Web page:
Theatre Review: Early Doors: One More Chance, The Lowry, Salford
First things first: the original two-series TV version of Early Doors was an utter gem. Overlooked by some at the time as a kind of Royal Family spin-off, it brought together great writing with a top-notch cast and was as capable of breaking your heart in two as it was of getting you roaring laughing. When this stage revival was announced last year, it was a toss-up between feeling overjoyed that the team are back and concerned that they could bugger it up.
They haven’t buggered it up. Now back for a second run at The Lowry, Early Doors: ‘One More Chance’ is beautifully, niftily done and a very worthy successor. Cannily, it brings in everything that made the TV show so cherishable – a clutch of relatable, flawed, lovable characters as well as toasts to The Regiment, a whooping asthma inhaler, mentions of specialist performance act Twin Cheeks, the phrase “Crime Can’t Crack Itself” and the relentless query “Do you like circuses?”. Additionally, it brings in enough that’s new and fresh to make the whole enterprise well worthwhile.
Newcomers could pick it up no trouble, but long-term fans will recognise that it carries on pretty much from where the TV run left off, making for a kind of Series 2½. Suffice it to say that we’re back in the Grapes pub with landlord Ken Dixon and his regulars, where loose ends get picked up and there are resolutions and revelations in store. There are big themes tucked away in here too, of time starting to run out and not being defeated by being unlucky in love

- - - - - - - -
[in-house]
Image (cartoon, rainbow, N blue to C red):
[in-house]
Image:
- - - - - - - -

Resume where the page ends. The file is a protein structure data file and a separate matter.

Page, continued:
Not all of the original cast are back – after all, the show helped to launch the careers of several busy big-hitters who aren’t necessarily free to do a week-long theatre run, including James McAvoy, Christine Bottomley, Mark Benton, Lee Ingleby and Maxine Peake. But the replacements in the cast here fit in well, notably Nick Birkinshaw as that miserable get Old Tommy.
The marvellous John Henshaw is back to hold the whole thing together as Ken, and work-shy coppers Phil and Nige are present and correct too, played as ever by Peter Wight and James Quinn (complete with daft laugh). It takes place on a simple, effective split-level set which, like so much here, takes pains to echo the TV original.
Creators, writers and stars Craig Cash and Phil Mealey return as hopeless mates Joe and Duffy, and though they’ve confessed that their own theatre experiences didn’t reach beyond appearing in the school nativity, their storytelling instincts prove to be spot-on. OK, so the first half is a bit creaky here and there, but by the second half it’s all flowing perfectly, with a delightfully relaxed air that results in the cast cracking up several times. Yes, the plot could be even neater, the character of Ken’s daughter Mel is underused, and it’s a shame to lose the close-ups and quiet moments that were such a big part of Early Doors on TV.
All things considered, though, ‘One More Chance’ is a treat, simultaneously a satisfying continuation of the original show and a fond love letter to it. There are some truly sparkling routines here and an affecting, rousing finale. At heart it might be closer to panto than Pinter but when it’s this entertaining, who cares? So die-hard fans can rest easy. The Grapes haven’t gone sour and you’ll wish you were there.
Early Doors: ‘One More Chance’, The Lowry, Salford until August 3.
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“The need for us is still there.” At 28, Junior Akinola is the first person under 30 to chair a board of a major performing arts venue in the UK. But that didn't stop Manchester's Contact Theatre from hiring him. northernsoul.me.uk/the-need-f… @cparkwriter @Jr_JT3 @ContactMcr pic.twitter.com/tobyXTPpOc